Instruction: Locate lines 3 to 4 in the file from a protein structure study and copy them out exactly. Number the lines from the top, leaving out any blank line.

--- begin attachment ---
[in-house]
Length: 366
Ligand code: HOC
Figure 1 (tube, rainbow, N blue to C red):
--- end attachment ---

Ligand code: HOC
Figure 1 (tube, rainbow, N blue to C red):